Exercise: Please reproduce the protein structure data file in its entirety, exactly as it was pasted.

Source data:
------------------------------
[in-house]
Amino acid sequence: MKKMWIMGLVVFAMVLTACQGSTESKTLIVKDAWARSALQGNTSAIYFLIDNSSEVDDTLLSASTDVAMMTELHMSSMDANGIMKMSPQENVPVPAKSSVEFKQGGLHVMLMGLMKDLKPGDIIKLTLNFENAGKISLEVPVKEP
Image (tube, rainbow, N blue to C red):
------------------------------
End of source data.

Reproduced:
[in-house]
Amino acid sequence: MKKMWIMGLVVFAMVLTACQGSTESKTLIVKDAWARSALQGNTSAIYFLIDNSSEVDDTLLSASTDVAMMTELHMSSMDANGIMKMSPQENVPVPAKSSVEFKQGGLHVMLMGLMKDLKPGDIIKLTLNFENAGKISLEVPVKEP
Image (tube, rainbow, N blue to C red):